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Why the future needs robots with a human touch

A Stanford professor debuts a soft robotic finger designed to unlock the next generation of collaborative robotics.
Portrait of Monroe Kennedy
What keeps robots from doing useful things for us? “If we had to pick one thing, it would be the sense of touch,” says Kennedy. | Photo by Amanda Law

Roboticists for decades have focused their attention on making machines that can improve human life. However, achieving the payoff on that idea — with robots performing complex, diverse tasks in real environments with humans present — is still a challenging feat at hand.

This could be due to how researchers have historically investigated the part about “how to make the machines work on their own” (robotic autonomy) with much more enthusiasm than having explored how the field of robotics can be used to “improve human life” (collaborative robotics). Roboticist Monroe Kennedy III is preparing to change that.

To Kennedy, the challenges of moving from autonomous robotic platforms to collaborative robotic technologies bring a considerable delay in progress. He believes that in the next few years robots should be designed to address challenges in our communities (for example, providing aid in assisted living facilities with direct impact on aging populations); deliver dexterity and precision to enable in-house production of products and devices in companies; and help improve workplace safety by providing essential robotic assistance (completion of service tasks).

Robots as teammates

A major goal is to realize the pioneering and enterprising vision of enabling robots to assist in the tasks they are trained and needed to do. Pursuing this ambitious vision, Kennedy is moving forward from the essential robotic autonomy questions of how to perform basic functions toward focusing on tools and algorithms that enable robots to serve as teammates with humans, and to provide strong support and partnership in the work and home environments.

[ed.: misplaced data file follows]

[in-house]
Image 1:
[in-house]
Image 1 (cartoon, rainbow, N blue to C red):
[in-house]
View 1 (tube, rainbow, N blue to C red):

To advance the field of robotics, Kennedy needs to finish building the technology that will serve as the catalyst for this important evolution in robotics. And he’s close! This spring, his team at Stanford’s Assistive Robotics and Manipulation Laboratory (ARMLab) will finish the design for a soft robotic finger almost as sensitive and stabilizing as the digits on a human hand. Kennedy says achieving this robotic sense of touch will be an important contribution to the field of collaborative robotics. “What’s keeping these robots from doing useful things for us?” Kennedy asks. “If we had to pick one thing, it would be the sense of touch.”

In March, Kennedy’s team debuted a new tactile sensor (DenseTact) that enables a robot’s fingers to accurately model surfaces in high resolution, giving the robot a better sense of the object that it’s holding and improving its dexterity. His team’s 3D sensor uses a fisheye camera to image the surface of anything the robot touches, then relies on deep neural networks to estimate in real time how the robot’s fingers will be impacted by contact with the object. This improves how the robot adjusts its grip to handle many different objects with ease. With this design, he’s given robots a more accurate sense of touch at a fraction of the cost of existing sensors.

Once the design for this sophisticated sense of touch has been optimized for both high-resolution force and shape sensing, robots could perform a variety of complex tasks, from setting a glass of water on a nightstand for a high-risk patient in a health care setting to smartly assembling devices to reduce a company’s manufacturing costs. Next his team plans to take that technology and discover ways to scale it, so researchers everywhere can plug that sense of touch into any robotic design, and any robot can learn to manipulate any object. It could be the breakthrough needed to focus the entire field on beneficial applications of decades of robotics research – and point experts at new problems. “If that's achievable now, roboticists could ask questions that they couldn’t ask before,” Kennedy says.